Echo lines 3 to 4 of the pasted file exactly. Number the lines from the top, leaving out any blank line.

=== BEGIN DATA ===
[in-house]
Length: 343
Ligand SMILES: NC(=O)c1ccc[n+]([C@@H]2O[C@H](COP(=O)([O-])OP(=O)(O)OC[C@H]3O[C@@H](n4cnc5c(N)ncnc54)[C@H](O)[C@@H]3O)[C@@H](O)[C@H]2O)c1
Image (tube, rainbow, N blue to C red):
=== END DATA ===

Ligand SMILES: NC(=O)c1ccc[n+]([C@@H]2O[C@H](COP(=O)([O-])OP(=O)(O)OC[C@H]3O[C@@H](n4cnc5c(N)ncnc54)[C@H](O)[C@@H]3O)[C@@H](O)[C@H]2O)c1
Image (tube, rainbow, N blue to C red):